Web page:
Tim Cook’s Long Bet with Chip Maker Arm
Ahead of Apple’s heavily anticipated launch of their fifteenth iteration of the revolutionary iPhone, the megacap leader announced their long-term partnership that may span several decades. Beginning as early as 1993, Apple launched several new technologies with the help of British chip and software manufacturer Arm. From the 2001 iPod to the 2007 iPhone, Apple has maintained a steady and healthy relationship with Arm, but it was only in 2020 that this relationship became full-fledged. During the height of the pandemic, Apple took the risky leap to build all their iPhone, iPad, and Mac products with in-house, custom-built chips. As opposed to their previous chips powered by Intel, Apple took their familiar approach to vertical integration by introducing Apple silicon, which is heavily influenced and operated alongside technology created by Arm.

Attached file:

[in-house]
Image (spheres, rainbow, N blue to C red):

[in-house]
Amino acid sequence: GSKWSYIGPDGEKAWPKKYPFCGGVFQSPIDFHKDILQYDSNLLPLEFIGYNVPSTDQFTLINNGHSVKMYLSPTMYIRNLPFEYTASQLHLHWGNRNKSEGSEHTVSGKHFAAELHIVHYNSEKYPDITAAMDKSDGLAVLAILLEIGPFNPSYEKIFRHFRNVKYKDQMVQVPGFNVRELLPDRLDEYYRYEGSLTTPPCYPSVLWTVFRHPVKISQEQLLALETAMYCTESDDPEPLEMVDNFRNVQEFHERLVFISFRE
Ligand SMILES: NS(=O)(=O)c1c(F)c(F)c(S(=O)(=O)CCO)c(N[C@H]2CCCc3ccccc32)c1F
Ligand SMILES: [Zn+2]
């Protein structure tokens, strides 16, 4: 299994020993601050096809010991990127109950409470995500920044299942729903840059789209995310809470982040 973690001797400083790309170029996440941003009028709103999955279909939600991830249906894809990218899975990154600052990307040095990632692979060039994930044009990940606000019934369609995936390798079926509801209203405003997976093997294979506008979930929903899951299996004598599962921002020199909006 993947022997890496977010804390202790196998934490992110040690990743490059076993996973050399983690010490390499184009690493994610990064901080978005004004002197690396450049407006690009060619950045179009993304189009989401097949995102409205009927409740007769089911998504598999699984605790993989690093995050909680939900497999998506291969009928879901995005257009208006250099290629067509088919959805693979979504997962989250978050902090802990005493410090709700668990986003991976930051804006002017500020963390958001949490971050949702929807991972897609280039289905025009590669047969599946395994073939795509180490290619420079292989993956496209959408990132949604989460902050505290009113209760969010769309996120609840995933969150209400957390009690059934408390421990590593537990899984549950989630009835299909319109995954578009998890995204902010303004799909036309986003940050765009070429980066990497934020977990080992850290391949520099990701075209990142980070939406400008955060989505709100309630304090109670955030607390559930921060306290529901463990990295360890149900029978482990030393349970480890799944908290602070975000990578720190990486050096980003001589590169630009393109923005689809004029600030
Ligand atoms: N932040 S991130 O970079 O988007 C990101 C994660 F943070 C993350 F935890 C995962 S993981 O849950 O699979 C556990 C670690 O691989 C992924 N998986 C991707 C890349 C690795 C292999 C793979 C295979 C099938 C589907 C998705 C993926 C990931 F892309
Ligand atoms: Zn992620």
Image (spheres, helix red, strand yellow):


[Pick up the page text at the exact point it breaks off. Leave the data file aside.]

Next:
Now, Apple announced a long-term investment into Arm’s crowned jewel: the intellectual property dubbed the Arm architecture. The agreement between the two firms has been slated to span through 2040 and beyond, with Apple putting heavy emphasis on its intellectual security. Although Arm powers several other technologies across the world, their upcoming IPO listing has the potential to spell issues in the future. If other big firms hoped to act as cornerstone investors, they could buy large stakes in Arm and have a greater say on how the chip manufacturer must be operated. With Apple securing this deal that currently has no official end date, they can hope to be sure their access, innovation, and intellectual property surrounding Arm-powered Apple silicon will continue to be a success across the next several decades.
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I am not a financial advisor and my comments should never be taken as financial advice. Investments come with risk, so always do your research and analysis beforehand.